Tori Amos was born Myra Ellen Amos in August 1963.
Raised, as Amos put it, with “a peace pipe in one hand and a cross in the other,” the daughter of a Cherokee mother and Methodist minister father redefined the role of female singer-songwriters in the 1990s by addressing persecution in religion, relationships, and sex with intriguing straightforwardness.
After her unsuccessful glam pop rock album Y Kant Tori Read (credited to her band of the same name) Tori went solo in 1991 and moved to the UK where she recorded the EP Me and a Gun. The title referred to an incident in which she was raped at knifepoint after a gig in Los Angeles.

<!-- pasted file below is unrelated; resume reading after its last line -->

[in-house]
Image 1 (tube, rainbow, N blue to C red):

Amos’s emotional directness was showcased on her 1991 debut album, Little Earthquakes, though it was her second album, Under The Pink (1994) which took her to the top.
The major labels had been apprehensive about the direction Amos had chosen to pursue as a solo artist, however. Piano-playing singer-songwriters were perceived to be somewhat passé and had a low currency in the early 90s.
There was nothing old-feeling however, about the themes of Amos’ music, and she certainly wasn’t the “female Elton John” of Atlantic’s marketing strategy.
Amos recorded an intriguing piano and voice reading of Nirvana‘s Smells Like Teen Spirit and the huge success of her eerie Cornflake Girl single (1993) established her as a kind of Kate Bush for the grunge generation.